Barnes storage

What happened with the old Barnes Foundation building? It’s a pricey AF storage facility

The gallery was designed by the renowned Paul Phillippe Cret and considered a work of art unto itself, designed specifically for the purpose of holding that priceless art. Now it’s used for offices and to house paintings.

When the Barnes Foundation originally opened in 1925 in Lower Merion, it wasn’t just the art that stood out. The gallery was designed by the renowned Paul Phillippe Cret and considered a work of art unto itself, designed specifically for the purpose of holding that priceless art, down to the woodwork and the color of the floors and ceilings.  

It’s now a storage facility.

Three years after the Barnes Foundation’s controversial move from Merion to the Parkway, the estate that once held arguably the greatest collection of post-impressionist and early modern art goes largely unused. In addition to the gallery, Barnes’ former residence is now reserved for archives, classrooms for a horticulture program and an office space for Barnes employees. An arboretum surrounds the buildings, as it has for decades.   

The murkier question is the property’s future. People who opposed the move to Philadelphia see in the lack of current use a harbinger for an attempt by the Barnes Foundation to rid itself of the one of the few remaining connections to its owner and its past.

“I’ve been saying for years they will petition the courts to sell that property,” said former Barnes student Jay Raymond, “because it’s a white elephant and it’s expensive to maintain and it produces no income whatsoever.”

A Barnes Foundation spokesperson declined Billy Penn’s request for a tour of the old gallery and house and also declined numerous attempts to discuss the Barnes’ current and future plans for the property. The spokesperson instead shared links to the Barnes’ own website via email and wrote there were plans being considered for future use of the property.   

Nancy Herman, an artist and member of the former Friends of the Barnes group that tried to get the Foundation to stay in Merion, said she would like to see the Barnes open the former gallery to the public and have it be empty.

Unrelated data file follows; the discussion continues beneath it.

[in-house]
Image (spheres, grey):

“Let people imagine what it was like,” Herman said.

She doubts Barnes Foundation leaders would ever let that happen, though.  

The arboretum on the Merion property is open Friday through Sundays during spring, summer and fall months, and admission is $5. The Barnes Foundation has also continued a horticulture program that started in 1940. Herman lives across the street from the Merion Barnes estate and enjoys visiting the arboretum. But she worries not enough people are going, given its restricted hours, and certainly not enough to offset the property’s cost.  

In 2003, when the process of moving Barnes’ paintings to Philadelphia was in its early stages, estimated annual maintenance costs for the Merion site were $3.6 million. The Barnes Foundation also owns Ker-feal, a former Barnes summer house in Chester County closed to the public. It contains a collection of German furniture and is also likely draining money from the Foundation’s coffers.

In Philadelphia, the Barnes certainly has been earning revenue. In 2013, according to the latest form 990 the Barnes must file as a nonprofit, it turned about $5.7 million in admission revenue and millions more in contributions. Though the Barnes is charted as a nonprofit educational institution, its revenues for education accounted for less than 4 percent of its overall revenue.

2013 was the Barnes’ first full year in Philadelphia. In the late ’90s, annual revenues from admissions, tuition and more totaled around $2 million. Despite the growth in revenue, the reality is the Barnes Foundation is paying for three major properties, and only the Philadelphia one is likely bringing in a significant amount of cash.

Raymond, the former student, says the way to make the old estate in Merion useful again is to restore its original purpose and bring back the art. But that battle was lost long ago. He sees a Foundation unsure of what it can do with the once-prominent property, except sell it for profit.  

“They couldn’t possibly know what to do with it,” Raymond said. “They’re only thinking in terms of the dollar-generating capacity of their asset and that one has none whatsoever. I think they’re only waiting a suitable time.”   

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